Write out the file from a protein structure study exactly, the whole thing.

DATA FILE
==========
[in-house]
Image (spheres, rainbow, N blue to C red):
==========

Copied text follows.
[in-house]
Image (spheres, rainbow, N blue to C red):